As part of 30 Under 30, he shares his story and talks about changing perspectives, becoming a dance teacher and why more deaf dance role models are needed.
I became deaf through meningitis when I was two years old. At first I tried hearing aids but unfortunately they didn’t work for me. The next step was for me to try a Cochlear implant which I had when I was about five. In school, I had speech therapy but I didn’t like it because I felt quite embarrassed and quite isolated. The deaf world is really small and I grew up going to mainstream schools which was quite difficult. Eventually, I started meeting deaf people and I realised “oh these people are the same as me”.
Developing a passion for dance
I started listening to music through friends. I could feel the beat through my Cochlear implant and I’d look up the lyrics to understand the words. Then my Aunty gave me a video called Breaking 1984. I was obsessed with it and I taught myself how to dance. Just through repetition and practising at first. Then I decided that I wanted to improve my skills but having no deaf role models made it really difficult. So I stopped, unfortunately, and I just carried on with my life.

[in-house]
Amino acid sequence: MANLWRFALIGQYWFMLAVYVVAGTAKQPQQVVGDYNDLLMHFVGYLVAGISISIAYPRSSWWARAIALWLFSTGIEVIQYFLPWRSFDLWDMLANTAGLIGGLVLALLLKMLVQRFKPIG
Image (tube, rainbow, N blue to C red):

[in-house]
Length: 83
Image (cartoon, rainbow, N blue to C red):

Then, in my second year of university, a friend of mine asked me if I wanted to get involved in a deaf dance group. Dance had been my dream for years, so I thought it would be amazing to get involved. It was fantastic because everyone was deaf and everyone had the same passion as me, and it was an opportunity to show both deaf and hearing communities that deaf people can dance. That nothing is impossible. We did a tour, then I left the group to focus on giving back to the deaf community.
What I love most about dance is the freedom and enjoyment. And it’s a stress release. It’s like when I’m dancing, I just kind of fall into my own world. Dance really is my best friend – it’s always there for me.